You have three main professional languages in Morocco : Standard Arabic (fusHa), Darija, spoken but not written, and French. In general, Moroccan people mix the three languages. Depending of their level of instruction, where they have been at school, whether they have studied in foreign countries, their standard Arabic might be quite poor.

That means that, in a lot of companies, written internal communication might be preponderantly in French, especially for highly qualified jobs. These highly qualified jobs being the only ones you can practically apply for, when you’re not exempted of the A.N.A.P.E.C. procedure.

Option 1 : English is your main language, but you also speak French or Darija

You are a precious and looked for person. You are able to interact with your boss and colleagues, they do not need to translate their instructions, and your English fluency is a precious asset for your company, as soon as it handles foreign customers.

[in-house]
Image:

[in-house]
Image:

Exportations, foreign trade, relationships with international organizations like ONE, OECD, Peace Corps, etc. , relocation services for English speaking people or non-French speaking people (like we do here, at Pacamny), tourism (though it might not be very dynamic now), English-speaking African countries (an emerging market for Morocco), etc.

You don’t need to be fully fluent, you need not to be a hassle for your company’s management. In general, except for tourism, the kind of positions you can apply for would be offered by companies working mainly with French language. In any case, Darija would be OK.

Option 2 : You don’t speak French nor Darija nor Standard Arabic

Things get much more difficult.

You’ll be limited to the “English speaking expat bubble” : language teacher, teacher in English schools, or tourism related jobs. The small world of Morocco – Maghreb related English speaking media is fiercely competitive and difficult to enter if you want to get a decent salary.